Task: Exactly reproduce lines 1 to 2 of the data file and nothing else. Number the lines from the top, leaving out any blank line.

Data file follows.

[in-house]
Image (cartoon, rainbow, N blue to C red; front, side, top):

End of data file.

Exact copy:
[in-house]
Image (cartoon, rainbow, N blue to C red; front, side, top):